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We Spoke to the Lawyer Facing Death Threats for Defending the Doctor Who Helped Find Bin Laden

Nadeem Qamar is the last remaining lawyer representing Dr. Shakil Afridi after another attorney was assassinated in Pakistan on Tuesday. He told VICE News that the case is the "world's greatest conspiracy."
March 19, 2015, 12:15pm
Photo by Mohammad Sajjad/AP

The last remaining lawyer representing Shakil Afridi — the Pakistani doctor who allegedly helped the CIA confirm the location of Osama bin Laden's hideout in Pakistan — says that his client is a "scapegoat" in the "world's greatest conspiracy."

Speaking exclusively to VICE News, attorney Nadeem Qamar claimed his client is merely a pawn in a unique and "politicized" case. He vowed to continue fighting for justice despite the shocking assassination of Afridi's former lawyer, Samiullah Afridi, on Tuesday.


Shakil Afridi led a hepatitis B vaccination campaign in 2011 that was conducted with the aim of helping the CIA obtain DNA samples to verify that Bin Laden was living in a compound in the northeastern city of Abbottabad. Afridi was arrested three weeks after the al Qaeda leader was killed in a raid by Navy SEALs in May 2011, though the doctor was charged with aiding a warlord — not anything connected with the CIA.

"The world's greatest manhunt was in fact the world's greatest conspiracy," Qamar said. "In my own opinion I feel that America and Pakistan both scapegoat Dr. Afridi. Both countries are hiding some facts from the people and from the media."

Qamar added that American authorities have done "practically nothing" for Afridi and his family. "In my opinion, now, his family's life is worse than worse," he said. "I can evaluate it and it's terrible."

On Tuesday, attorney Samiullah Afridi was shot dead in Peshawar. Samiullah had given up Shakil's case and fled to Dubai because of security concerns, but returned to the country for a visit. Jamaat-ul-Ahrar, a Taliban splinter group, claimed responsibility for the assassination, according to Pakistan's Express Tribune.

Related: Millions of Pakistanis have to give their fingerprints to keep using cellphones.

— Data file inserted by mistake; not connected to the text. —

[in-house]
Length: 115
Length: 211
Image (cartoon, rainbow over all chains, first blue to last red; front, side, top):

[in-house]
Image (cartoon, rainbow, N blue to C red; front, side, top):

"We claim responsibility for the killing of Shakil Afridi's defense lawyer," Ehsanullah Ehsan, a spokesman for the militant group, told the newspaper. "Others who linked themselves to Afridi's case should expect such action."


Qamar told VICE News that Samiullah quit the case after his family and friends were threatened, and that his departure was "a big loss." When the lawyers first began defending Afridi, Qamar added, there were eight advocates on the panel. Now he is the only one.

* * *

Bin Laden's death in the early morning hours of May 2, 2011 was the dramatic and violent finale to a long intelligence-gathering operation.

Domestically, Pakistanis were both angry that a US raid infringed on their sovereignty, and suspicious that the Pakistani government had known Bin Laden's location all along.

The public bewilderment and outcry resulted in a fact-finding inquiry — commissioned by the Pakistani government and carried out by the country's Supreme Court. The subsequent report, published in July 2013, called the US operation a "major violation of Pakistan's sovereignty and territorial integrity."

'He has become a shuttlecock between two countries; two countries' politics.'

One section of the report focused specifically on Afridi's role. It recorded his testimony as saying he was employed as the "Agency Doctor" in his locale when he encountered Michael McGrath, the country director for Save the Children. After several meetings, McGrath introduced Afridi to an American woman named "Kate." In January 2011, "Kate" contacted him to ask him to launch a vaccination campaign in Abbottabad.

Afridi agreed and said that there was nothing unusual or suspicious about the proposition. The campaign was publicly advertised and in no way secretive. It was launched in March 2011 and extended in April after Afridi received a phone call from another American woman named "Sue," who requested that he target a particular area.


Afridi claimed he never actually entered Bin Laden's compound after being told there was a "feud" between the inhabitants and their neighbors, though the "local lady supervisor" that was with him rang the doorbell and phoned the inhabitants. The doctor stated that he had no idea what was said during this call.

The campaign was completed on April 23 and the US raided Bin Laden's house nine days later.

Afridi was arrested on May 23 and moved between Peshawar and Abbottabad, and then to solitary confinement in Islamabad for a week, a stretch he described as "the worst days of my life." He was later interrogated by the Pakistan intelligence services in Peshawar for 35 days, though he was not charged or brought before a magistrate. Afridi was later convicted and sentenced to 33 years in prison on charges that he financially and medically aided a local warlord.